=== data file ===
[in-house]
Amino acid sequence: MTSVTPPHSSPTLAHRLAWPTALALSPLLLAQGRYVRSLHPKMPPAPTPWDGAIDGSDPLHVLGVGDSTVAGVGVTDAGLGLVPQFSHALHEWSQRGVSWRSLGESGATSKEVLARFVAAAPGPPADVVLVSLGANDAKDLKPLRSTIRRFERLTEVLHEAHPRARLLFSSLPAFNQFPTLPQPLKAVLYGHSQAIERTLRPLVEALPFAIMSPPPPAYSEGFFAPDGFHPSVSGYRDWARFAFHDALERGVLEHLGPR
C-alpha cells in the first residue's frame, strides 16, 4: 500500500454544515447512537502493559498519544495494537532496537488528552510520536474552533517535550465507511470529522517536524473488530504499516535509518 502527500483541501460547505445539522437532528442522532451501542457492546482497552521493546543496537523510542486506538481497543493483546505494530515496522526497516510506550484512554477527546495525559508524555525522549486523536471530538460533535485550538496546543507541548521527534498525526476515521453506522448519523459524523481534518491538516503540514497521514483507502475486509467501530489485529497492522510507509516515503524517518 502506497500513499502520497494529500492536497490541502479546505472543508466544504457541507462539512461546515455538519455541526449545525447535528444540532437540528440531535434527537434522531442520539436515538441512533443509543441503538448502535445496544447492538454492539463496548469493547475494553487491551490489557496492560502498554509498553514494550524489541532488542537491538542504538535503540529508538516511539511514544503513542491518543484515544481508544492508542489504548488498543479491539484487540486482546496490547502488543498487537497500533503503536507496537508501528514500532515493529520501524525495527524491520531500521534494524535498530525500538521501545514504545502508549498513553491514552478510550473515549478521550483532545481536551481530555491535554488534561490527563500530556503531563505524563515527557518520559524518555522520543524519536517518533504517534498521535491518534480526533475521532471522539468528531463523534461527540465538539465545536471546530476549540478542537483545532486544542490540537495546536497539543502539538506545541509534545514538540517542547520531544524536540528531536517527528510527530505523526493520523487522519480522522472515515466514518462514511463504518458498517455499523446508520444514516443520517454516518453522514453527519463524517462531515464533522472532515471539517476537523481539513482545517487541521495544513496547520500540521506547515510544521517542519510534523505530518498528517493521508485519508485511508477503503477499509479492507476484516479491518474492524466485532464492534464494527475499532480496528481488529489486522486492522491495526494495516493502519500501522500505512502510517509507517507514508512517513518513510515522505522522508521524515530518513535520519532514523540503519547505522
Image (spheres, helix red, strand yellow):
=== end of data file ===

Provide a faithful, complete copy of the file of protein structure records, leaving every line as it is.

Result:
[in-house]
Amino acid sequence: MTSVTPPHSSPTLAHRLAWPTALALSPLLLAQGRYVRSLHPKMPPAPTPWDGAIDGSDPLHVLGVGDSTVAGVGVTDAGLGLVPQFSHALHEWSQRGVSWRSLGESGATSKEVLARFVAAAPGPPADVVLVSLGANDAKDLKPLRSTIRRFERLTEVLHEAHPRARLLFSSLPAFNQFPTLPQPLKAVLYGHSQAIERTLRPLVEALPFAIMSPPPPAYSEGFFAPDGFHPSVSGYRDWARFAFHDALERGVLEHLGPR
C-alpha cells in the first residue's frame, strides 16, 4: 500500500454544515447512537502493559498519544495494537532496537488528552510520536474552533517535550465507511470529522517536524473488530504499516535509518 502527500483541501460547505445539522437532528442522532451501542457492546482497552521493546543496537523510542486506538481497543493483546505494530515496522526497516510506550484512554477527546495525559508524555525522549486523536471530538460533535485550538496546543507541548521527534498525526476515521453506522448519523459524523481534518491538516503540514497521514483507502475486509467501530489485529497492522510507509516515503524517518 502506497500513499502520497494529500492536497490541502479546505472543508466544504457541507462539512461546515455538519455541526449545525447535528444540532437540528440531535434527537434522531442520539436515538441512533443509543441503538448502535445496544447492538454492539463496548469493547475494553487491551490489557496492560502498554509498553514494550524489541532488542537491538542504538535503540529508538516511539511514544503513542491518543484515544481508544492508542489504548488498543479491539484487540486482546496490547502488543498487537497500533503503536507496537508501528514500532515493529520501524525495527524491520531500521534494524535498530525500538521501545514504545502508549498513553491514552478510550473515549478521550483532545481536551481530555491535554488534561490527563500530556503531563505524563515527557518520559524518555522520543524519536517518533504517534498521535491518534480526533475521532471522539468528531463523534461527540465538539465545536471546530476549540478542537483545532486544542490540537495546536497539543502539538506545541509534545514538540517542547520531544524536540528531536517527528510527530505523526493520523487522519480522522472515515466514518462514511463504518458498517455499523446508520444514516443520517454516518453522514453527519463524517462531515464533522472532515471539517476537523481539513482545517487541521495544513496547520500540521506547515510544521517542519510534523505530518498528517493521508485519508485511508477503503477499509479492507476484516479491518474492524466485532464492534464494527475499532480496528481488529489486522486492522491495526494495516493502519500501522500505512502510517509507517507514508512517513518513510515522505522522508521524515530518513535520519532514523540503519547505522
Image (spheres, helix red, strand yellow):